'Whether there was material upon which the Tribunal could find that any portion of the salaries paid to Miss Florence Hotz and Mr. Edwin Hotz represented expenditure which was not expended wholly and exclusively for the purposes of business.'

2. In considering the question referred to this Court for decision it has to be borne in mind that the claim of the assessee being a claim for exemption of an amount under Section 10 (2) (xv), Income-tax Act, 1922, hereinafter referred to as the Act, the burden of proving the necessary facts in that connection is on the assessee. Authority for this proposition is to be found in 'Commr. of Income-tax West Bengal v. Calcutta Agency Ltd', : [1951]19ITR191(SC) .' In that case Kania, C. J., said:

'Now it is clear that this being a claim for exemption of an amount, contended to be an expenditure falling under Section 10 (2) (xv), the burden of proving the necessary facts in that connection was on the assessee, it being common ground that the commission was due and had become payable and was, therefore, the business income of the assessee company liable to be taxed in the assessment year.'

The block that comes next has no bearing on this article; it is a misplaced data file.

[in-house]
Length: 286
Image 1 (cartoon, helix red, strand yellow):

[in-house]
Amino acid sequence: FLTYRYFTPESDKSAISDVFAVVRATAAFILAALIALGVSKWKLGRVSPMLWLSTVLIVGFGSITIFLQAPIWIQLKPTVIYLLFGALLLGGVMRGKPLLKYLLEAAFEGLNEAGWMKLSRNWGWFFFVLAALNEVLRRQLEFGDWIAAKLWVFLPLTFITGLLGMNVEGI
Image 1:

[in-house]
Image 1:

3. Briefly summarized the facts, so far as material, are these. The assessee is a trust which owns five hotels, including Cecil Hotel, Delhi and Cecil Hotel, Agra. Mr. Eobert Hotz is the Manager of the Cecil Hotel Delhi, and Mr. Edwin Hotz is the Manager of Cecil Hotel Agra, while Miss Florence Hotz is the Chief Manageress of all the hotels. Originally the salaries paid to Mr. Robert Hotz, Mr. Edwin Hotz and Miss Florence Hotz were Rs. 1,200/- per mensem each. With effect from 1-3-1943, the salaries were Increased to Rs. 2,000/- per mensem each. For the 1943-44 assessment the Income-tax Officer allowed the claim for the increased salary paid in March 1943. For 1944-45 the Income-tax Officer allowed Rs. 1,600 / per mensem as against the claim of Rs. 2000/- per mensem each as a proper deduction in terms of Section 10 (2) (xv) of the Act, and disallowed the balance of the claim amounting in all to Rs. 14,400/-. On appeal the Appellate Assistant Commissioner confirmed the order passed by the Income-tax Officer, holding that no further allowance was justified. For the 1945-46 assessment salaries amounting to Rs. 2,000/- per mensem in respect of Mr. Robert Hotz., Miss Florence Hotz and Mr. Edwin Hotz were claimed but the Income-tax Officer and on appeal the Appellate Assistant Commissioner refused to allow more than Rs. 1,600/- per mensem each. For the 1946-47 assessent the Income-tax Officer found that the salaries of Rs. 1,600/- per mensem in the case of Miss Florence Hotz and Mr. Edwin were fair, but that Mr. Robert Hotz, who was not provided with free board and lodging, was to be paid Rs. 2,000/-per mensem. On appeal, the Appellate Assistant Commissioner confirmed the order of the Income-tax Officer. For the 1947-48 assessment the same question came up for determination. This time, however, the Income-tax Officer allowed the full claim in respect of the salaries paid to Mr. RobertHotz, Miss Florence Hotz and Mr. Edwin Hotz. The Income-tax Department did not appeal fromthat assessment order. In the assessment of 1948-49 the Income-tax Officer found that pay of Rs. 1,600/- per mensem was ample in the case of Miss Florence Hotz and Mr. Edwin Hotz and allowed the pay of Rs. 2,000/- per mensem in the case of Mr. Robert Hotz. On appeal, the Appellate Assistant Commissioner confirmed the order of the Income-tax Officer.